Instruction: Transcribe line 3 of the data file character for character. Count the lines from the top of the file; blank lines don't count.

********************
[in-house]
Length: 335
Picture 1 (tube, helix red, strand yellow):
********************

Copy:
Picture 1 (tube, helix red, strand yellow):